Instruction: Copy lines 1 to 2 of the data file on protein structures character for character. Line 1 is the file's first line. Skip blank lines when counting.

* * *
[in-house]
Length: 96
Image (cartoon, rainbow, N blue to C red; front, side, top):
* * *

[in-house]
Length: 96